Flight hacking and security concerns

Malaysian Airlines Flight 370’s mysterious disappearance should frighten anyone who travels. Nearly two weeks after the plane took off from Kuala Lumpur, neither the plane nor its 239 passengers have been found. Numerous observers have questioned how in the modern age a Boeing 777 jet can just vanish. The answer appears to be all too easily.

We still have no idea how the plane’s flight path from Kuala Lumpur to Beijing was diverted, whether the change was made remotely or made on board. One theory that has been brought up in the reporting is that a hijacker could have manipulated the flight path using a cell phone or other electronic device. Another possibility is that someone on the ground used such a device to alter the flight plan before the plane even took off. While this theory seems unlikely, the idea that a jetliner, bus or car could be hacked and controlled by someone hoping to inflict damage or cause chaos is a possibility we should not ignore.

 Back in 2010, the New York Times reported on a study conducted by computer scientists at the University of California, San Diego and the University of Washington that found that a person could hack into cars’ computers “without having any direct physical access to the car.” The experts were able to “take over the vehicle’s basic functions, including control of its engine.” If these experts could figure out how to hack into the computers, could someone with malicious intent, such as a terrorist group, do the same?

 The concern stems from the increasingly computerized nature of our automobiles. While new features like Wi-Fi, Bluetooth and OnStar security in cars are convenient for consumers, the new technology comes with many security risks. Computers control many of the operations it takes to power and operate an automobile. Now these computers are being used in tandem with Wi-Fi and other devices that require connection to external networks, making the car easier to hack.

 Consider Google’s driverless car that has received a lot of media attention in recent months. Imagine that self-driving cars like this one are all driving around New York City. In order to communicate with the other cars on the road, the car’s computer systems need to connect to the same network as all the other cars in New York. An advanced hacker could disrupt that communication, or maybe even get the cars to crash into each other. This would leave the city in a state of chaos, and possibly provide an opportunity for another attack.

 A similar problem could happen on a large jet like Malaysia Airlines flight 370. A passenger or person on the ground with malicious intent could hack into the jet’s computers prior to departures and change the jet’s flight path. Malaysia has stated that the plane was hijacked, and the computer’s flight path “deliberately” altered. This could have happened from outside the cockpit.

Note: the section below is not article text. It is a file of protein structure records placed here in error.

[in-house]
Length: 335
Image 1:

In today’s world, technological advances never thought possible are happening every day. We have the ability to know about events halfway across the world in a matter of seconds via social media. The disappearance of Flight 370 challenges our ability to know everything happening in the world at a given instant, which is why the story has riveted audiences across the globe. But should we really be surprised about the ability to make a jet disappear when a plane’s computers could get hacked from the outside? We shouldn’t be too surprised at all.

 Hopefully this incident will lead to additional safety measures on airplanes and streaming of in-flight data. But I also hope the all-too-possible theory that the plane could have been hijacked externally leads to improved security of the flight’s computers. The fact that aviation experts contend that such hacking is a “possibility” in the disappearance should concern us all. The damage that could be caused without even physically hijacking plane or car is pretty remarkable.

 We must recognize that the very conveniences we enjoy due to technological advancements make it easier for tampering to occur. As a society we must decide when to limit technology because it makes us less safe, or at least delay releasing new communication technologies before the security of the networks has been verified.

This process is not easy, and neither is hacking into computers that operate cars, buses, trucks and airplanes. Yet both can be done. We just need to make cybersecurity more of a priority, as we could face problems far beyond having our credit card information stolen. Technology has its limits. The better we imagine right now what technology will look like in the future, the more prepared we will be to secure ourselves from its possible externalities. Our personal, national and international security depends on it.

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